Mirrors are a great addition to any space and can often be the finishing touch that a room needs. Not only they make the best of the natural light and create an illusion of a bigger space, some statement mirrors can become a focal point of your interior.
The Capital collection by the Brooklyn-based designer Fernando Mastrangelo is dedicated to Dubai as an architectural oasis that has emerged from a sand-covered landscape. Individually titled Aurora, Marina, and Sahara, the three mirrors are unified in their use of hand-dyed sand to add sculpturally-shaped elements on the objects. Weaving a geographic narrative within their commanding visual appeal, each mirror reflects a certain feature of the UAE’s capital.
The pure yellow Sahara is warm and rich in colour referencing the city’s sun and sand. The dark hand-shaped terrain of Marina defines a distinct contrast between Dubai’s waterways and man-made cityscape. A vibrant spectrum of white, pink and purple tones of Aurora pays homage to the city’s sunsets.
The Repeated Mirrors by the Eindhoven-based studio OS&OOS featuring layers of coloured glass double as an art piece. The collection comprises a series of layered reflective glasses of yellow, blue, black, purple and pink that blend through one another, new shades coming through.
The glass layers appear lightly through the bronzed foil mirror on the front. The circular translucent mirror at the surface is resting on top of the balanced formation of stacked glass panels which are organic in shape.
The freestanding MUDU mirror by Lithuanian studio Heima has a sculptural silhouette created to be observed from all sides. The design of the mirror is conceived to break a standard misconception that mirror is a just flat object on the wall. Developed as a piece of furniture rather than a house accessory, it employs a sculptural approach, thus creating a volumetric piece of furniture. Seen from the front, MUDU appears like a common oval-shaped mirror, but the side view reveals its tapered back – which is made from Corian utilizing latest technologies such as vacuum thermoforming and CNC milling.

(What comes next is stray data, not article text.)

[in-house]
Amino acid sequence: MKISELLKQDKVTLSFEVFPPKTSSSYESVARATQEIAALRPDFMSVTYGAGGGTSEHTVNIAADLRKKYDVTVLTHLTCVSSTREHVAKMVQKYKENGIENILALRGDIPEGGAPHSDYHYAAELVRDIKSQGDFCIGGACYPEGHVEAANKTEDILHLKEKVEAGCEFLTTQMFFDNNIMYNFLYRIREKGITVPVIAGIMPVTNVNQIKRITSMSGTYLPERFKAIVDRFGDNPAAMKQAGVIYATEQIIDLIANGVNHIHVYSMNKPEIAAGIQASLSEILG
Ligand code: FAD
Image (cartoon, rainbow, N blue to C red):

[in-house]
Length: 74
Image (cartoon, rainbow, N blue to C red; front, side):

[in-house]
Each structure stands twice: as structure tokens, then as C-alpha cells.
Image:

The design concept is based on contrast, with its solid volume opposed to the light wireframe, simplicity to attention to details and unusual shape, curved shell to straight lines. The two distinct parts of the mirror – the mirror’s shell and the painted steel framework – meet in an elegant wooden detail, which creates impression of one piece resting on the other.
Silver mirrors by Swedish designer Jenny Nordberg that look more like works of art than utilitarian objects are created in less than five minutes with the help of a traditional process that has its origin in the 19th century. The process involves a chemical-infused liquid and results in a thin layer of silver (Ag) on the glass surface.
As the liquid never covers the whole surface of the glass and the process of its development is totally uncontrollable, each mirror becomes different. Nordberg likens the process to the method of developing analogue photography around 200 years ago.
Mimic Mirror designed by Paris-based studio Normal Studio‘s Jean-François Dingjian and Eloi Chafaï for the Scandinavian brand Muuto is a contemporary take on the traditional table mirror. Its sculptural expression makes the Mimic Mirror both an object of decoration and use.
A soft coated plastic surrounds the mirror’s face, contrasting with the solidity of the sculpted cement stand. As the name suggests, the design features numerous repetitions – in the graphic, triangular pattern on the mirror’s back, along with the reflection of its front glass and sculpted facets of the base.